Political fragmentation and fiscal policy: Evidence from German municipalities
No 17-03, FiFo Discussion Papers - Finanzwissenschaftliche Diskussionsbeiträge from University of Cologne, FiFo Institute for Public Economics
The government fragmentation hypothesis (GFH) states that coalition governments spend more than single-party governments due to an underlying common pool problem. Using a large panel data set on 604 local governments in the German state of Baden-Württemberg for the 1994-2014 period, I test the GFH for tax rates, the growth in government debt as well as expenditures and its sub-categories. Studies using standard regression methods fail to identify causal effect as the type of government is generally not random. I apply a RDD, that exploits quasi-random variation generated by close elections. I add external validity to the recent quasi-experimental literature by investigating the GFH for a mayor-council system. I find that contrary to the theoretical prediction, coalition governments do not increase taxes and government debt. There is a non-robust, negative effect on total expenditures, which is mainly driven by administrative expenditures and material expenditures.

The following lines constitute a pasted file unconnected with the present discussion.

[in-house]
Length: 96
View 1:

Keywords: government fragmentation; common pool problems; legislative policy-making; government spending; local fiscal policy; local taxation; local elections; municipality data; regression discontinuity design; Fragmentierung der Regierung; Common Pool Problem; Gesetzgebung und politische Entscheidungsfindung; Staatsausgaben; kommunale Finanzpolitik; kommunale Steuern; Kommunalwahlen; Gemeindedaten; Regressions-Diskontinuitäts-Design (search for similar items in EconPapers)
JEL-codes: C21 D72 D78 H11 H71 H72 (search for similar items in EconPapers)
New Economics Papers: this item is included in nep-cdm and nep-pol
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Persistent link: https://EconPapers.repec.org/RePEc:zbw:uoccpe:1703
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